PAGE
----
Central Minnesota firefighters recount saving little girl from devastating house fire
Several men entered a burning building on April 7, 2021, pulling 22-month-old Alaina Schultz from the blaze and saving her life.
VERNDALE, Minn. — Four central Minnesota firefighters were recently honored with certificates of valor for their efforts in saving the life of a 22-month-old Verndale, Minn., girl.
Firefighters Jamie Line, Nate Witthuhn and Tyler Fisher of Verndale Fire Department and Austin Beier of the Wadena Fire Department were among those first to enter a flame- and smoke-filled second story bedroom to find the girl, Alaina Schultz, in the Friday, April 7, house fire.
Beier shared what it was like upon first hearing the call of the fire.
"When the pagers went off, we knew there was still a child inside," said Beier, a former Wadena firefighter.
At that moment, at about 9:45 p.m., the adrenaline rush began and pushed dozens of emergency responders to the home.
First on scene was Line who was able to get to the house in under 2 minutes. He was at a Verndale restaurant when his pager went off. Without his gear, he found it was too hot to enter the upstairs bedroom. Flames could be seen enclosed in that one room, where Alaina was just recently laid to bed.
Fisher was close behind, hoping to help without access to his gear. Within minutes of the first page, others from the Verndale Fire Department showed up and Fisher, now suited up, entered the upstairs window with Witthuhn coming in from the stairwell access. After dousing the fire, the two began a search of the room.
The Wadena Fire Department was just about a half-mile behind the Tri-County Ambulance also leaving Wadena. It was about 10 minutes from the time of the call before Beier’s rig pulled up to the scene.
"I knew there was a victim inside so I had my mask on, I was ready," Beier said.
The homeowners had set up a ladder to the second story window hoping to access Alaina from a different direction as flames were too intense from the stairway.
“It was more than just heat, the interior stuff that was burning, the smoke, it was so black,” Line said.
Beier explained how visibility was poor and he had to find his way around by touch. He felt around on the bed but could not feel the girl there.
“After not too long, I climbed on top of the bed, I actually found Alaina,” Beier said. He made sure to check every spot of where she might have been. She was only partially on the bed, her tiny hand still on the mattress. “I grabbed her and I called out to the guys — I called out that I found her.”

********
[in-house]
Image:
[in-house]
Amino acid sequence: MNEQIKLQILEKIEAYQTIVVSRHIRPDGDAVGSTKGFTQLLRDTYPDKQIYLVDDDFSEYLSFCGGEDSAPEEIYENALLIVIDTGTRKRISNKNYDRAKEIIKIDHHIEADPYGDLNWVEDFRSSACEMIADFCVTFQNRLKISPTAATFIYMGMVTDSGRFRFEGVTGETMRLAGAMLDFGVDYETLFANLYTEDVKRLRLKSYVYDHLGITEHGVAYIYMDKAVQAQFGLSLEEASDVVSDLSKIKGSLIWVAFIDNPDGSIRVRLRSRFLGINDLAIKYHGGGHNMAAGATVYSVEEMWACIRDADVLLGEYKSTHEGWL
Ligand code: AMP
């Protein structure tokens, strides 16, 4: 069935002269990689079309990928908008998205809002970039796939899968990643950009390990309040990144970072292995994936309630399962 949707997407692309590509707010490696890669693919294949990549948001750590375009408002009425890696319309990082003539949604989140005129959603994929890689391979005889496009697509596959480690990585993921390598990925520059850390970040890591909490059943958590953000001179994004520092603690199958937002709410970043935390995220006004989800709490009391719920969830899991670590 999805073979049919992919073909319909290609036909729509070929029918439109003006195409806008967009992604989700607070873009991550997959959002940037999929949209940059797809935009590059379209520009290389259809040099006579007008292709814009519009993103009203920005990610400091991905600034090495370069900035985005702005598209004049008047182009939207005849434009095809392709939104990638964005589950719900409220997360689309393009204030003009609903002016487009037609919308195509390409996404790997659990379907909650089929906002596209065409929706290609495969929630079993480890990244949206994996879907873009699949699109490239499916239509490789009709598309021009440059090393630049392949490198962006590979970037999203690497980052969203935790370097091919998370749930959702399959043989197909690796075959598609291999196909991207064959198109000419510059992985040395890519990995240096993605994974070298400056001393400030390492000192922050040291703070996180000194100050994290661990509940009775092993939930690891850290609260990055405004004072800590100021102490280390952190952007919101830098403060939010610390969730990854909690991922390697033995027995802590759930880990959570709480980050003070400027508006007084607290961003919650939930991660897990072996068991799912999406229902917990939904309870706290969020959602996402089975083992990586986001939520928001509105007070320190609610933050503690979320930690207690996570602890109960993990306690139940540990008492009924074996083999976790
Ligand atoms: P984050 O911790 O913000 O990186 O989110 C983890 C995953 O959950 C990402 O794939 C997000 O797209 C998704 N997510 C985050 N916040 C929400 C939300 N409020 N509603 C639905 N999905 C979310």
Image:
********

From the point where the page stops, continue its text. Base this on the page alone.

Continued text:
He handed her off to Fisher, who handed her to Ryan Schmitz (another Verndale firefighter), who was at the ready on the ladder. The girl suffered third-degree burns over 79% of her body.
In the minutes before firefighters arrived, Alaina's mother Liberty and grandmother Karen were attempting to make it to the girl. In those attempts, Liberty and Karen both received burns. Liberty was hospitalized due to her burns and smoke inhalation.
The search and rescue took just moments, but felt much longer to the firefighters.
In being recognized for the efforts, Fisher humbly said that he looks at himself as a tool among many tools used in this situation to get the job done.
“Everybody was equally important,” Fisher said. Line agreed saying that if someone hadn’t brought water they couldn’t have put out the fire. If gear hadn’t showed up they could not have gone in. Verndale Fire Chief Mike Madsen said they got lucky in getting an ambulance in time, too.
Fisher just happened to be the first one with gear in the house to put out the fire and help search. The men said their training helped them know just what to do in the situation. Madsen said he was proud of the way the crew handled the situation.
“Watching what these guys did from incident command is above and beyond what is expected,” Madsen said. “It takes extra courage to run into a burning building without your gear on. So these are well deserved.”
Fisher has been a firefighter for about six years, Witthuhn, 11 years; Line, 14 years; and Madsen, 16 years. Madsen said in those years he’s not seen a rescue of this nature.
Wadena County Sheriff Mike Carr met with the Verndale and Wadena Fire Departments and thanked them for their selfless actions and quick response that night. He recognized that it was a team effort involving multiple fire departments, EMS staff from multiple agencies, assistance from sheriff’s deputies, police officers. The added recognition for those four men was noteworthy as they each had a role in making sure Alaina would live another day. She celebrated her second birthday on June 13.
Alaina is still recovering from her burns in the Twin Cities and her mother and grandmother remain there helping her to grow stronger each day. She has made significant strides but still has significant healing where she was burned so badly.
“Alaina is still in the ICU at Hennepin County Medical Center-Burn Unit,” Karen Schultz said. “She has had all her burns removed and replaced with donor site skin and CEA skin. She is healing very well. But she still has a very long road to recovery. Alaina still needs a lot of prayers!”